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Cedillo Back With DREAM Act

Los Angeles Garment & Citizen, News Report, Sam Hassan Posted: Mar 22, 2009

22nd District California State Senator Gil Cedillo has once again introduced legislation calling for otherwise qualified illegal immigrants to be eligible for certain types of privately funded financial aid for college.

Cedillo represents Downtown and surrounding areas, and he recently introduced Senate Bill 160 also known as the DREAM Act, named for a similar piece of federal legislation called the Development, Relief and Education for Alien Minors Act in the upper house of the state legislature. Such legislation requires passage in the Senate and State Assembly along with a signature from the governor to become law. The DREAM Act has passed the legislature but fallen to a veto by California Governor Arnold Schwarzenegger in each of the past two years.

Cedillo said his latest effort goes beyond the subject of immigration, which has proved a hot-button for opponents of past attempts to make the DREAM Act law.

"We face a challenging economic downturn in our state, and damaging cuts to higher education," Cedillo said. "The situation demands we look into all options for ensuring every student that desires a college education is able to obtain one this is not an immigration issue, it is an education issue, an economic issue."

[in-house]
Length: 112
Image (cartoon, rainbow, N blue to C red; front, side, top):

California State University Chancellor Charles Reed has backed Cedillo's legislation.

"Using private monies to keep the door open for students seeking higher education during the economic downturn is smart fiscal policy," Reed said. "California needs highly skilled workers to fill the wave of green tech, engineering, and health-related jobs [that] federal stimulus dollars will produce."

The DREAM Act would serve as a companion law to AB 540, which makes otherwise qualified illegal immigrants eligible for in-state tuition rates at state-supported colleges. AB 540 requires that illegal immigrants seeking in-state tuition at state-colleges first attend a high school in California for three or more years, graduate from high school or obtain an equivalent general education diploma (GED), register or be currently enrolled in a community college or one of the state-supported four-year institutions, and submit to college or university officials a signed statement declaring an intent to seek legal residency as soon as eligible.

Cedillo is currently planning to run for the seat representing the 32nd district in the U.S. House of Representatives, which is expected to be open upon the confirmation of current officeholder Hilda Solis as U.S. Secretary of Labor.

Sam Hassan is a writer for the L.A. Garment & Citizen.

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